Now, there’s one form of change that’s worth considering as an example of real growth under relativism, which is resolving personal inconsistencies. If I believe it’s right to sacrifice children to the “gods,” for the sake of next year’s harvest, and yet I also believe that every child’s life is of more value or worth than any crop could be, then I have an inconsistency to resolve. One of those beliefs ought to give way to the other, if not for moral reasons then at least for logical ones. (Let’s set aside for now whether our presumed duty to be logically consistent is a moral duty. That’s at least a possibility, and if so, it muddies these waters considerably, and it certainly doesn’t help the relativist position! My point here does not require us to resolve that, though.)
Which of those two beliefs–the child is more important than the crop, or vice-versa–should we set aside, for the sake of logical consistency? Taken individually it’s hard to see which one, by itself, is more logical than the other. We can’t easily settle the question by appealing to logic. The relativist will probably choose the one that she thinks is more morally compelling. That’s the position one commenter here has taken. He agrees that ethics are like matters of taste, in that each person can have his or her own opinion on every point. There are some matters, however, for which he is willing to sacrifice. That difference is, to him, what defines some opinions as matters of morality rather than of mere taste or custom.
So let’s camp there a moment. “Morally compelling” is either a directional term (there’s something I believe is really, actually more moral, so I find myself compelled to assent to it) or something else. That something else could be a gut feeling, it could be the customs of one’s social group, it could even be whatever gives the person a sense of permission to do what she wanted to do anyway. (I suspect there’s a lot of that going on in moral relativism.)
But in the case of our child sacrifice example, either position seems to be of equivalent value or worth. Either could be morally compelling. If one chooses the crops and kills the child, that could certainly be as moral (on relativism) as deciding to save the child and risk the crops. You couldn’t say that one who decides in midlife that he ought to save the child has grown morally, because there’s no directionality there. There’s no “higher” there to grow toward.
What, though, if he comes to understand there’s no relationship after all between such acts of sacrifice and the success of his crops; that child sacrifice doesn’t actually help anything? He might change his practice, but that’s not moral growth. It’s not a better, more ethical weighting of child vs. harvest. It puts the question aside entirely; it makes it irrelevant.
The Challenge to Relativists
Let’s bring this into a modern context with an actual current controversy. I could bring up many issues; embryonic stem cell research (ESCR) is as good as any. One side of this debate says that harvesting human embryos is a kind of child sacrifice, killing helpless innocents for the sake of older, more responsible persons. The other side says it’s not correct to regard embryos in that way. There is no moral reference point, on relativism, that makes one of those positions more right or wrong than the other.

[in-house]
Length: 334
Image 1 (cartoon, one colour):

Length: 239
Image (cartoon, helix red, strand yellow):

Suppose we have a long debate and you convince me that ESCR is good, and should be heavily funded and pursued. Have I experienced moral growth? I’ve changed, in this hypothetical case. But am I morally better than I was? How could we say that I was, since we don’t know what “morally better” means? Let’s suppose again that you convince me that homosexual practice is a morally neutral matter, and that practicing homosexual relationships can be as moral as heterosexual marriage relationships. Again, for me that would be a (large) change in my moral opinion, but in what way have I become morally better for having changed? What does “better” mean in that context?
My challenge to relativists is for you to define “morally better” in a way that actually makes moral growth a coherent principle within your system of thought.
You might say that you’re willing to give up any conception of moral improvement in order to save your moral relativism. Let me then ask you, are you more ethically mature now than when you were five years old? Are you less self-centered now than you were then, and if so, would you consider that a generally positive change or a neutral one? Another way of asking the question: suppose you were as self-centered today as you were as a five-year-old. Would you consider that acceptable? If you saw some 35-year old with the self-centeredness of a five-year-old, would you not consider that a case of arrested development?
But don’t get careless with invoking the word “maturity” here. It might just mean older. And be cautious also about introducing moral growth theories like, “learning that it’s good to do what promotes the greater happiness,” or “learning to avoid what harms others.” Those are either very dangerously close to moral realism, or else they are simply ways to generalize the statement of a position that still needs defending. If growing older leads one to adopt one moral theory in preference to another, what makes one moral theory better than another?
It’s up to you, relativist friends, to show how any of this actually means morally better. I don’t know how you can do that from within a coherent moral relativist framework. I welcome your responses to explain it. I am quite sure you have grown morally over your years of life, but I believe it takes moral realism for that actually to make sense.